What Calvert declared to be “very relevant information about evolution” was actually a list of erroneous allegations originally contrived by Jonathan Wells, and already addressed and refuted with the other “foundational falsehoods of creationism”. Every year of the last decade or so, the school boards of every state have been accosted or dominated by ignorant radical evangelicals trying to undermine our children’s education. The latest wave in the creationist’s strategy to promote theocracy through scientific illiteracy is the plea that we “teach the controversy”, and per their request, that’s what I’m doing right now.
Those who demand that we teach both the “strengths and weaknesses” of evolution won’t admit what any of its strengths even are, (if they ever knew) but they do know that each of the alleged weaknesses they’re pleading for are either irrelevant ravings or misinformation, misunderstood and misrepresented. But they don’t care, and they’ll never correct it, because they want to deceive our kids into believing there’s some scientific dispute of evolution when they know no such dissention exists. They don’t want to teach more about any science. They want to distort it all into an absurd parody that no one could seriously consider. They certainly don’t want you to understand creationism either, albeit for all the opposite reasons. Then they expect you obediently swallow it whole without any questions.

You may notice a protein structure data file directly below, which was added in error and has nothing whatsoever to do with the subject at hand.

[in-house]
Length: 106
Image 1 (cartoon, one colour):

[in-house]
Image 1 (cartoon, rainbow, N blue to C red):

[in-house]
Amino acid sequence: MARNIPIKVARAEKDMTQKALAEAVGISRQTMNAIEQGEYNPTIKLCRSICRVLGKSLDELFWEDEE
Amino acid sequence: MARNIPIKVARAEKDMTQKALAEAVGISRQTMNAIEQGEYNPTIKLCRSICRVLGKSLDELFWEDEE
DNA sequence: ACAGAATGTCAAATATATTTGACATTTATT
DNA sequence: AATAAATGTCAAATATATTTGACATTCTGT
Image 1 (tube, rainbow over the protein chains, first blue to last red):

“And finally, new rule:
You don’t have to teach both sides of a debate
if one side is a load of crap.”
When we’re talking about public education, then we’re talking about teaching other people’s kids and trusting someone else to teach our kids. So in the interest of academic honesty and even simple human morality, those lessons shouldn’t be distorted by religious opinion; because what should matter most is not whatever we personally might rather believe but only what we can verify really is true. And we know evolution is real. We’ve proven that it happens, and we know how it works, and there’s value in understanding that. So teach what the theories actually are and what their evidence is, and keep the lessons true. Leave debates of details to the experts in the field, not mere pupils who can’t know enough yet to judge either side of anything. Let’s definitely not let impressionable children be mislead by ignorant deceivers who can neither qualify in science, nor compete against it, and who seek to subvert it instead.